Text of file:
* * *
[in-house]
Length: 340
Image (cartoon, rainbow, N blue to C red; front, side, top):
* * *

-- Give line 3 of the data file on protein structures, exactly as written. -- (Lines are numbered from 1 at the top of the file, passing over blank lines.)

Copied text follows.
Image (cartoon, rainbow, N blue to C red; front, side, top):